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    AWS Elastic Block Storage GP3: Fewer Trips Around The World at a Lower Cost

    May 4, 2021

    Four years ago, IDC issued a report on the soaring growth of the world’s total amount of data, estimating that by 2025 the collective sum would skyrocket from 33 zettabytes (ZB) in 2017 to 175 ZB in 2025. (NOTE: 1 zettabyte = 1 trillion gigabytes.) In other words, if you were to store 175 ZB on a typical DVD, your stack of discs would encircle the planet 222 times. If you wanted to download all that data at the average current internet connection speed, it would take around 1.8 billion years to download the entire collection. That’s a LOT of data.

    Fortunately, there are several ways to store all that data in efficient methods. The storage “ecosphere” falls into three layers

    1. Core: which includes data centres and cloud data centres
    2. Edge: which encompasses things like branch offices and cell towers
    3. Endpoints: where devices we use every day come into play – smartphones, PCs, and Internet of Things (IoT) devices

    Businesses typically store their data in the first layer, the core – where hundreds of data centres and millions of equipment racks house data in blocks or fixed-size raw storage units, much like fixed disk drives.  

    Amazon Web Services (AWS) offers one type of storage solution – Amazon Elastic Block Store (EBS) – a useful block storage service that works in conjunction with the Amazon Elastic Computer Cloud (EC2) for intensive workloads. Introduced in 2008, Amazon EBS takes the name “elastic” from the fact that the block store can adapt volume size to an application's current needs, allowing the user to pay only for what they need.  

    In 2014, Amazon introduced gp2 to offer general-purpose solid-state drive (SSD) performance at a very low price. It was a simple and cost-effective way to meet the growing performance and throughput requirements of many applications including virtual desktops, medium-sized databases such as SQLServer and OracleDB, and dev/test environments. 

    Amazon EBS gp3 is the newest generation of Amazon EBS that enables customers to provision performance independent of storage capacity, providing a 20 percent lower price point per GB than existing gp2 volumes. With gp3 volumes, customers can scale IOPS (input/output operations per second) and throughput without needing to provision additional block storage capacity – again, paying only for the resources they need and use.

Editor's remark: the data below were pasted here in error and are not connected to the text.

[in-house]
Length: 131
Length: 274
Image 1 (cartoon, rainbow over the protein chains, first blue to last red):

The savings start to add up 

    Breaking down the price savings, if we compare the pricing between gp2 and gp3 we can see the where the 20 percent savings comes from:  

    • General Purpose SSD (gp2) Volumes = $0.10 per GB-month of provisioned storage  
    • General Purpose SSD (gp3) Storage = $0.08/GB-month  

    On the surface, it’s a no-brainer to switch to gp3 – but the savings don’t end there. Breaking down the performance savings, EBS gp2 has been the go-to volume type for most EC2 instances for many years. With its baseline performance of three IOPS per GiB, a 100 GiB volume would only get a guaranteed 300 IOPS, with some capacity to burst to 3,000. The cost of that volume would be $10/month. However, to guarantee 3,000 IOPS all the time we had only two choices:  

    1. Use a provisioned IOPS volume type (io1): The cost of running a 100 GiB volume with 3,000 IOPS would be $208/month (US-East-1); OR  
    2. Overprovision capacity: If we provision a 1,000 GiB gp2 volume then we would also get a guaranteed baseline of 3,000 IOPS at the cost of $100/month.  

    While the obvious answer is #2, it feels wasteful to have so much unused storage. Plus, if your volumes require backups, the additional cost of storage for snapshotting a terabyte volume vs. 100 GiB eats away the 50 percent cost savings that option #2 made over option #1. With gp3 we have another option: use a gp3 volume type. The cost of running a 100 GiB volume with 3,000 IOPS would be $8/month (US-East-1).  

    The performance advantage with gp3 volumes is the ability to increase the IOPS and throughput separate from the EBS volume size. If you need IOPS, then gp3 is the way to go as you have a baseline performance of 3,000 IOPS and can scale to 16,000 IOPS, regardless of volume size. 

    Put this way, you can see how much you would pay for a 100GiB volume with 3,000 IOPS of guaranteed performance: not $208/month, not $100/month, but $8/month.  

    How to switch from gp2 to gp3

    If you are currently using gp2, you can easily migrate your EBS volumes to gp3 using Amazon EBS Elastic Volumes, an existing feature of Amazon EBS. Elastic Volumes allows you to modify the volume type, IOPS, and throughput of your existing EBS volumes without interrupting your Amazon EC2 instances. In fact, you don’t even need to power down your instance; just change the volume type in the AWS Management Console and it will be seamlessly migrated without any downtime.   

    When you create a new Amazon EBS volume, Amazon EC2 instance, or Amazon Machine Image (AMI), you can now choose the gp3 volume type.  

    Sungard Availability Services (Sungard AS), a recognised leader with a 40-year track record providing customers with highly available hybrid solutions, recommends that all customers consuming gp2 storage begin to investigate the benefits of gp3. Fortunately, Sungard AS’ NextGen Managed Public Cloud team is already working with customers today to understand whether the move to gp3 is right for their workloads. 

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